Sepia Toning

Sepia-toning gives your image an antique feel to it by adding a specific color to a Grayscale (Black & White) image. Essentially, it colorizes it with one or two warm or cold colors, while maintaining the overall look of the gray within the photo. You can use any color to create a sepia-tone, and the beauty of doing it in Photoshop is its versatility of choice when it comes to the colors you can select from.

As with any other operation in Photoshop, there are unlimited ways to achieve your effect. Here are two very simple ways to create an image that has a sepia tone quality.

Make sure to start in RGB color mode. If your image is in color, you should already be there. If it is Black & White, first go into Image - Mode - RGB Color. My original image is shown above.

Step 1

Begin by going into Image - Adjustments - Hue/Saturation, which opens a dialog box where you can affect the color and lightness of the image.

Step 2

Next, click on the Colorize box in the bottom right corner of the dialog.

Step 3

Once that is done, you can affect the Hue and Saturation sliders on the dialog. The lightness setting is not relevant for this exercise, as it has no bearing on the color of the image, as you will see. For a classic Sepia tone (which usually consists of a light brown/yellow color, set the Hue to between 10 and 80, and the Saturation to between 10 and 25. This will give you the desired effect (shown at the bottom of the page).

Don't stop there, however. You can acheive a lot of very interesting color tints using this method. Experiment and you will find numerous color variations can be applied to the image. Take a minute to look at the Hue/Saturation dialog. It can be confusing if you don't know what you are doing. With the Colorize box checked, the Hue varies the color range from 0-360, so it is good to think of Hue as a giant color wheel that rotates around in degrees. The Saturation can be modified from 0-100, so think of this as the percentage of the color you want to have in your image. It is actually not going to affect the kind of color, but rather the percentage of depth the color has. That's the best way I can describe it. For interests sake, the Lightness setting goes from -100 - +100, from very dark to very light. Negative means less light, hence a darker image, and positive means more light or a lighter image.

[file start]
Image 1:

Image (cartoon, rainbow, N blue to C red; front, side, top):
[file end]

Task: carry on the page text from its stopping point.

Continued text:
With the colorize box unchecked, you are working with the image's complete range of color data, and the Hue/Saturation sliders change accordingly. The Hue slider now works from -180 - +180, and the Saturation slider functions between -100 - +100. The Lightness slider works the same under both conditions, because if you think about it, the lightness would operate the same under multiple colors or a single "colorized" setting.

The following shows different Colorizations that can be acheived using the Hue/Saturation method. This is by no means a definitive list, but will give you some idea as to what can be acheived through variation. I personally like the Cooler tones for this image.

Classic Yellow Sepia Tone (Hue: 34; Saturation: 25)

Warm Umber Sepia Tone (Hue: 20; Saturation: 20)

Cool/Warm Red Tone (Hue: 0; Saturation: 22)

Cool Green Tone (Hue: 122; Saturation: 12)

Cool Blue Tone (Hue: 220; Saturation: 11)